Improving Pediatric Inflammatory Bowel Disease (IBD) Follow-Up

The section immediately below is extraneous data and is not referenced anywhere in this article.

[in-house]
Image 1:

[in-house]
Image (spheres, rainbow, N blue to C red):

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Standardization of Inflammatory Bowel Disease (IBD) care through participation in the ImproveCareNow (ICN) Network has improved outcomes for pediatric patients with IBD, but under the current care model, our improvements have plateaued. Current ICN model care guidelines recommend health supervision visits every six months. We identified a gap in our practice's ability to ensure either a routine six month follow-up or a rapid follow-up after a disease flare, and a significant number of patients with active disease status during a six month period lacked timely reassessment after interventions or medication changes. Telemedicine provides an alternative method of care delivery to address these gaps, but has had limited use in patients with IBD. A multi-step approach to offer alternative follow-up care options via telemedicine was developed with potential impact on remission rates and quality of life. Short term goals of the pilot were to improve telemedicine access for patients with IBD were to 1) increase the percent of patients with active disease with a follow-up completed within two months of a visit from 40% to 70%, 2) increase the percent of patients with a visit scheduled within two months of their last sick visit from 20% to 70% (interim measure), 3) increase the number of eVisits from zero visits per month to two visits per month during pilot phase, 4) increase electronic communication with patients from zero messages per month to 200 messages per month, 5) no change in complications or adverse events (defined as an unplanned visit or ED (emergency department) encounter within 30 days of an eVisit. The expected outcomes of the e-visit model were to: maintain baseline care standards and health screening capabilities, improve access to care, and provide equivalent care delivery (no increase in the number of unplanned clinical encounters). Using the IHI model for improvement (Plan-Do-Study-Act) we have seen a progressive increase in the rate of patient signups for the electronic medical record patient portal, with a baseline median of 20% per clinic compared with a current median of approximately 70% after six months. We successfully implemented e-messaging in its pilot form among five providers and have seen steady uptake in patient use from 5 patient initiated messages during the first month to 76 messages/month over the past three months. E-visits have replaced a total of 32 visits to date. Medications, nutrition, and disease activity were appropriately screened and managed electronically without the need for a physical office visit by the treating gastroenterologist. Access to care was improved in that all patients completed their e-visits from their homes without missing school or work and did not require a physical office visit. One visit successfully identified worsening of the patient's clinical course and resulted in a scheduled office visit request, but no unplanned office visits or ED visits have occurred. This report represents the first description of telemedicine use in routine clinical care in children with IBD. We anticipate continuing use of this novel mode of health care delivery in pediatrics in an effort to increase the proportion of patients seen for interval follow-up, after IBD diagnosis, or mild flare in an effort to target early treatment changes that should result in improved remission and patient reported outcomes. E-visits are less expensive and time consuming than traditional visits and may serve as an additional method of cost savings by matching care to a patient's individual needs.